It's sending a message, really, to other people that these things


can be done and sustainability is not


just about the green aspects and the environment, it's about people


living together within a sustainable community.


Co-housing is a microcosm of humanity.


You have exactly the same issues that any group of people


have, it's just that it's an intentional community,


so we intend to make the effort to get on with


each other and do things together and enjoy life together.


According to the most recent figures, there


are 7 million single person houses have sold in the UK.


And we although about the shortage in housing


Well, here in Bridport, 40 miles away from the Threshold Centre, one


local group are hoping another co-housing scheme can help to


The co-housing movement started in Denmark in the 1960s.


It is now growing in popularity with other schemes near


In Bridport, they are now confident work will begin here in the spring.


We are looking at the sort of lives we want to live in the future and


the constraints we may face on our lives in the future, and I think


that co-housing will answer many of them


because it is flexible and


people can have as little or as much company as they need.


I suppose a real hermit would need somewhere


else, you know, they wouldn't like it.


But for most people there are benefits.


Particularly single parents, there is a distinctive benefit.


The town is very supportive of us, the sort of people that live


here, a lot of people are interested in what we are doing and interested


The first residents will be moving in to the Bridport co-housing scheme


For now, at the Threshold Centre, there are chores to be done.


Now they're man's best friend and we must admit


We were more than a little pleased to see these


dogs with jobs arrive at our studios this morning.


Devon and Cornwall Police's Cosmic and Tara, accompanied


by their handlers and volunteer puppy walker were here


for an interview with Radio Devon's David Fitzgerald.


But they're not the only dogs with an important


You may remember Archie from the Cornwall Fire


and Rescue Service, who appeared on Spotlight last year.


Well, now he has a starring role in his very own animation.


Reporting for duty and ready for the next shout, Archie the fire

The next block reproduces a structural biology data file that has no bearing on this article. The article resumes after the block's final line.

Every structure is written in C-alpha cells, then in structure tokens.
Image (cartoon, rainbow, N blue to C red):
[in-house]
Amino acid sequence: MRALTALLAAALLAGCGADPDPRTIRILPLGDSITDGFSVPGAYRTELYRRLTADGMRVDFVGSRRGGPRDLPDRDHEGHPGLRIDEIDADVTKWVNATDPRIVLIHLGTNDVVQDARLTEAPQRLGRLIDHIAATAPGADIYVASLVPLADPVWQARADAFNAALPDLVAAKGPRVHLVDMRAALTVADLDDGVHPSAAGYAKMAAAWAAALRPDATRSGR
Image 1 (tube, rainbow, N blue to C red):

dog and his canine colleague Woody have become rather animated.


And my name is Woody and I'm learning to become a


He is not quite three years old and he's part


Archie's role is to assist us in determining potentially the


causes of fires and looking for ignitable liquids or hydrocarbons


stranger to the spotlight. or develop that fire Archie is no


He has already been on our red sofa and is


He's also got an important job to do.


Get ready, Archie - the alarm is ringing!


Archie and Woody's fire investigation adventure shows


everything from the paw protectors going on to Archie arriving at the


We wait for the firefighters to put out the fire.


Now we sniff the whole room, searching for any of the scents we


So what we are going to do is test Archie and see if he can


Now, Mark, what have you put on this?


It's methylated spirits that is on that


stick, which is one of the hydrocarbons that


Now I'm going to hide it under this door frame.


How long do you think it will take him to find it?


Well, with a bit of direction from myself, he is purely


looking on scent, 20 to 30 seconds, maximum.


Archie's skill or mose in helping to find the


possible causes of fires has given the animators plenty to work with.


Since the release of the film in the early part of last week,


we've had several thousand people viewing it already, and we've had


some really positive feedback from all over


the country and all over the world, actually.


And they think it's a great adventure.


But there are some serious safety messages in the film.